ballistic missiles, and surveillance and communications satellites.
This led to what President Eisenhower warned
against in his farewell address of 6 February 1961:
“The conjunction of an immense military
establishment and a large arms industry is new in the American
experience” - the military-industrial complex.
By 1990 the value of the weapons, equipment
and factories devoted to the Department of Defense was 83% of the value
of all plants and equipment in US manufacturing. From 1947 to 1990, the
combined US military budgets amounted to $8.7 trillion.
Even though the Soviet Union no longer
exists, US reliance on military Keynesianism has, if anything, ratcheted
up, thanks to the massive vested interests that have become entrenched
around the military establishment.
read NSC-68 here.
Leading political journalist John T. Flynn
wrote in 1944:
Militarism is the one great glamorous
public-works project upon which a variety of elements in the community
can be brought into agreement.
But Flynn warned that:
Inevitably, having surrendered to militarism
as an economic device, we will do what other countries have done: we
will keep alive the fears of our people of the aggressive ambitions of
other countries and we will ourselves embark upon imperialistic
enterprises of our own.
Indeed, the creator of the theory of military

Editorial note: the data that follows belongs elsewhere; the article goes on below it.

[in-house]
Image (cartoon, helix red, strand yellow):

Keynesianism himself warned that those who followed such thinking would
fear-monger, appeal to patriotism and get us into wars in order to promote
this kind of economic "stimulus".
As The Independent
wrote in 2004:
Military-fuelled growth, or military
Keynesianism as it is now known in academic circles, was first theorized
by the Polish economist Michal Kalecki in 1943. Kalecki argued that
capitalists and their political champions tended to bridle against
classic Keynesianism; achieving full employment through public spending
made them nervous because it risked over-empowering the working class
and the unions.
The military was a much more desirable investment from their point of
view, although justifying such a diversion of public funds required a
certain degree of political repression, best achieved through appeals to
patriotism and fear-mongering about an enemy threat - and, inexorably,
an actual war.
At the time, Kalecki's best example of military Keynesianism was Nazi
Germany. But the concept does not just operate under fascist
dictatorships. Indeed, it has been taken up with enthusiasm by the
neo-liberal right wing in the United States.
I disagree that this is a partisan issue.
The Independent piece portrays the "neo-liberal
right" as special warmongers; I don't believe there is much difference with
the "neo-liberal left", or "neo-conservative right", or whatever. Indeed,
political labels are fairly meaningless.
What is important is the actions one takes, not
his rhetoric about his actions.